SINGAPORE: Advocacy group Action for AIDS (AfA) says more people are coming forward to be tested anonymously for HIV.
The group said 1,368 people have been tested anonymously for HIV at its mobile van for the past 11 months.
The mobile van started conducting such tests in December 2011. Seven have tested positive for HIV so far.
It added that its Anonymous Test Site, located in a clinic run by the Department of Sexually Transmitted Infections Control in Kelantan Lane, tested an average of 540 individuals a month for 2012.
More comprehensive blood tests are conducted at this clinic.
A total of 385 new HIV cases were reported among Singapore residents in the first 10 months of 2012.
Of these, only 14 per cent were diagnosed by voluntary HIV screening. Half of these cases were already at a late stage of infection.
A total of 5,521 Singapore residents have been diagnosed with HIV.
"Stigma and discrimination create an unnecessary barrier to the early detection and treatment of at—risk individuals," said Minister of State for Health Dr Amy Khor.
"Concerned that they may be shunned by their family, rejected by friends, or lose their jobs if they were found to be HIV positive, individuals who practise risky sexual behaviours are afraid of getting a HIV test — to the detriment of their health and to the risk of their sexual partners," she added.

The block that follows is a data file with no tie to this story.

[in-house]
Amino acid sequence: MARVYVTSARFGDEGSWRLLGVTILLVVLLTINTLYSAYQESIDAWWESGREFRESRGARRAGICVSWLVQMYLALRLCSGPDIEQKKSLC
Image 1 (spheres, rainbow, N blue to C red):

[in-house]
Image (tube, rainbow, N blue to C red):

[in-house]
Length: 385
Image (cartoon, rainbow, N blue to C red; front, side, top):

To tackle these issues, Tan Tock Seng Hospital became the first public hospital to launch a HIV stigma and discrimination campaign called ’The Power To Change Is Within You’.
"We feel that there are probably more patients but they haven’t been diagnosed yet. And what this means is a delay in diagnosis. The earlier you come for testing, the earlier you are diagnosed the (earlier) you get your treatment, the better is your prognosis." said Dr Arlene Chua, head of Tan Tock Seng Hospital’s HIV programme.
Large banners, posters and stickers will be displayed around Tan Tock Seng Hospital, the Communicable Disease Centre and clinics. They will include stories and positive experiences of HIV patients and healthcare workers who have worked with these patients.
The aim is to help HIV patients adopt a positive mindset and to highlight to members of the public that HIV patients continue to live normal lives.
The campaign aims to target people living with HIV, healthcare workers and the public.
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